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Biomedical Optics & Medical Imaging

High-resolution macroscopy uses nonlinear optical imaging

A novel approach to generating large-scale, 3D images allows tracking of individual collagen fibers and characterization of their structural organization.
30 December 2009, SPIE Newsroom. DOI: 10.1117/2.1200912.002515

Tissue shape and rigidity depend on the biomechanical strength of the material, which is defined by its collagen content and organization. To understand how collagen controls strength, better knowledge of its macroscopic organization is required. We have developed a novel approach to image collagen using high-resolution macroscopy that combines the sharpness of nonlinear optical (NLO) imaging with automated image-acquisition techniques to generate macroscale 3D data sets with microscopic detail.

Traditional imaging methods suffer from a lack of either detail or context when scanning large volumes or using high-resolution macroscopy to study small regions of interest, respectively. The sharp imaging enables resolving the substructure. However, the relation to the macrostructure and how changes in microstructure can influence macroscopic tissue parameters remain poorly understood. High-resolution macroscopy addresses these issues by allowing researchers to generate large-scale, 3D image mosaics (several millimeters or even centimeters across) while retaining the crispness obtained through NLO imaging.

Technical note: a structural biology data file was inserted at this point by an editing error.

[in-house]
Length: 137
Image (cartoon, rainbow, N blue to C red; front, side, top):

NLO microscopy is unique in its ability to produce second-harmonic-generated (SHG) signals from noncentrosymmetric structures such as collagen when excited by very-fast-pulsed (such as femtosecond) laser light.1–4 This imaging paradigm exploits a nonlinear optical phenomenon by which two longer-wavelength photons interact simultaneously with collagen structures to form a single photon that has exactly half the wavelength and twice the energy of the two initial light particles. The process is structure specific and does not require stains or dyes. Thus, collagen fibers, which represent the predominant and most important structural element in the human body, can be excited by IR femtosecond-laser pulses to emit visible SHG light.

Here we report on two studies using SHG high-resolution macroscopy to generate large-scale 3D reconstructions of the collagenous matrix organization in the human cornea and optic nerve heads. We cut cross-sectional slices of approximately 0.3mm thick along the central meridian of human corneas in the superior-inferior direction and imaged them using a Zeiss laser-scanning microscope. Second-harmonic light was generated using a titanium-sapphire femtosecond laser. We used the same system to scan 2μm serial sections of the human optic nerve head.

Tissues are scanned as a series of individual z-stack images (a 3D data set composed of a series of uniformly spaced image planes throughout the 3D object). A computer-controlled stage moves the sample after each scan, generating a mosaic pattern of overlapping blocks. Depending on the size of the cross section, high-resolution macroscopy images of the cornea are 50–70 megapixels per slice. Current 3D stacks consist of 25–50 slices each. Figure 1 shows a high-resolution macroscopy-based reconstruction of the human optic nerve head, consisting of 400 planes at 12 megapixels each for a total of approximately 5 gigavoxels (3D pixels).